How-to: Remove Desk Diving Marks from Brushed Stainless Steel

Posted by Mike Johnson on in Tutorials

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Let’s be honest: most of us are wearing our tool watches at the office. We so-called “desk-divers” have one thing in common, our steel bracelets are scratched to hell from being rubbed on the desk while we type.

Over time, these scratches and swirls start to build up and make our once pristine watch appear used and tattered. While there is a certain charm to the dings and dents you earn out in the field, desk-diving marks aren’t exactly battle-scars.

Sinn 556 Clasp with Desk Diving Marks

Sinn 556 Clasp with Desk Diving Marks

Luckily, there is a very easy method for restoring your brushed stainless steel clasps and bracelets using cheap materials from the grocery store.

In this article I’ll show you how, including a step-by-step video of the entire process.

Tools you’ll need:

Restoring stainless steel bracelet

3m Scotch Brite Pads and my Sinn 556

Let’s get started.

First of all, a disclaimer: even though this is a fairly straight-forward procedure, if your watch is highly valued to you as an heirloom or collector piece, you may want to consider having this done professionally. At the very least, practice on one of your cheaper watches to make sure you are happy with the results.

If your watch has any polished (bright and shiny) components, please mask them off with tape. A scouring pad has the ability to turn a polished surface into a brushed one very quickly, and getting it back to polished takes a different set of tools.

Another thing to consider: over-polishing a watch can have detrimental effects. Every time you polish a watch you are shaving a few microns of steel from the surface layer. Even though this is microscopic, if you do it too often you run the risk of smoothing out sharp edges or polishing out details like embossed logos.

If you’re working on a vintage piece, keep in mind that polishing out the natural patina can actually have a negative effect on it’s market value. A lot of collectors are looking for pieces that are completely original, including all of the scratches, dings and dents the piece has acquired over it’s lifetime. Consider leaving your vintage pieces unmolested, the next owner will thank you for it.

Preparing the Scotch-Brite Pad

First things first, we need to prepare our Scotch-Brite pad. Out of the box, these are going to be a bit too large to work with effectively. Using a scissors cut a small square out of the sponge. The size of the square should be a little bit larger than the area of the surface you are working with. These can be reused many times, so feel free to keep the square for later use when you are complete.

Some people dampen the sponge before using it on the steel. I personally haven’t noticed a difference between the two methods, and I would recommend just leaving it dry.

Apply to Remove Desk Diving Marks

Using the Scotch-Brite pad, apply moderate pressure to the surface and move in a perfectly linear motion along the grain of the existing finish. Try moving the sponge one-way across the surface. You don’t need to press very hard to get the desired effect. Every few strokes, take a look at your finish and see how you’re doing. It shouldn’t take more than a couple of minutes for all of the swirls and imperfections to completely melt away. If you make a mistake or go across the grain, you should be able to correct it easily with another stroke.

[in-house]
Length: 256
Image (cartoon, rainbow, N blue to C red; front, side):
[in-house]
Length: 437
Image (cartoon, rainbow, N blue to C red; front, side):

This is what my clasp looked like after approximately 3 minutes of polishing:

Before and after removing desk-diving marks with the Scotch-Brite Pad

Before and after removing desk-diving marks with the Scotch-Brite Pad

Touch-ups

If you have small or hard-to-reach areas on your bracelet clasp that need attention, consider using a fiberglass touch-up pen. These can be had for cheap and are highly effective at polishing out scratches in hard to reach places. These tools can be had for around $10 and are a great addition to any DIYer’s toolbox.

Conclusion

Brushing your own bracelets and clasps is a fairly simple way to make your gently used watches look like new again. As a bonus, the same technique we demonstrated on the clasp can be used to restore the finish of brushed link bracelets as well. Just remember, if you have any doubts, consider bringing it in to a professional. There is always a chance you could just make it worse, and they will have higher quality tools for the job.

If you have any tips or tricks for improving this process, we’d love to hear from you in the comments below.


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About the Author
Mike Johnson

Mike Johnson

Mike Johnson is the managing editor and primary contributor to 60clicks.com. Born into a military family as the son of US Navy pilot, Mike spent many of his formative years studying Computer Science and User Experience Design. When not obsessing over watches, Mike spends time hiking, traveling, and spending time with his family in Phoenix, Arizona.


Comments 1

  1. Chuck Roemer

    Glad to see your Sinn isn’t sitting pristinely in a drawer! Thx for the accuracy report. This is an interesting new world for me!

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